GS Paper - 3 (Space Technology)

A chunk of a SpaceX rocket that blasted off seven years ago and was abandoned in space after completing its mission will crash into the Moon in March. The rocket was deployed in 2015 to put into orbit a NASA satellite called the Deep Space Climate Observatory (DSCOVR). Since then, the second stage of the rocket, or booster, has been floating in what mathematicians call a chaotic orbit, astronomer Bill Gray said.

What

  1. It was Gray who calculated the space junk's new collision course with the Moon.
  2. The booster passed quite close to the Moon in January in a rendezvous that altered its orbit.
  3. He is behind Project Pluto, software that allows for calculating the trajectory of asteroids and other objects in space and is used in NASA-financed space observation programs.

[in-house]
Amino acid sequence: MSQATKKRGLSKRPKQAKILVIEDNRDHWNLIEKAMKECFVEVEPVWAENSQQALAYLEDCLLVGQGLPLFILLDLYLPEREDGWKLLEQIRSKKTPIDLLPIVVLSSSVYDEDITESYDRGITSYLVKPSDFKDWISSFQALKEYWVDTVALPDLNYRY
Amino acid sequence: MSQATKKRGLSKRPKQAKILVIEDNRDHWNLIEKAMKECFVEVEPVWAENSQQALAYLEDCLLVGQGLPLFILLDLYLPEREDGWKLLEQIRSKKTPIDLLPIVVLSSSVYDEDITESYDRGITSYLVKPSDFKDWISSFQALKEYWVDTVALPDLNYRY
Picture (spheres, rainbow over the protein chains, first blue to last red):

4. A week after the rocket stage whizzed close to the Moon, Gray observed it again and concluded it would crash into the Moon's dark side on 4 March at more than 5,500 miles per hour (9,000 kilometers per hour).
  5. There're at least 50 objects that were left in deep Earth orbit in the '60s, '70s and '80s that were just abandoned there.
  6. The impact of the SpaceX rocket chunk weighing four tons on the Moon will not be visible from Earth in real time.
  7. But it will leave a crater that scientists will be able to observe with spacecraft and satellites like NASA's Lunar Reconnaissance Orbiter or India's Chandrayaan-2, and thus learn more about the geology of the Moon.
  8. Spacecraft have been intentionally crashed into the Moon before for scientific purposes, such as during the Apollo missions to test seismometers.

Flashback

  1. In 2009, NASA sent a rocket stage hurling into the Moon near its south pole to look for water.
  2. But most rockets do not go so far from Earth. SpaceX brings its rocket boosters back through the Earth's atmosphere so they disintegrate over the ocean. The first stage is recovered and reused.
  3. Elon Musk's company is currently developing a lunar lander that should allow NASA to send astronauts back to the Moon by 2025 at the earliest.